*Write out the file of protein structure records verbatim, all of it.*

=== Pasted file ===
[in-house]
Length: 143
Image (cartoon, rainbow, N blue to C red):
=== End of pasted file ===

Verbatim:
[in-house]
Length: 143
Image (cartoon, rainbow, N blue to C red):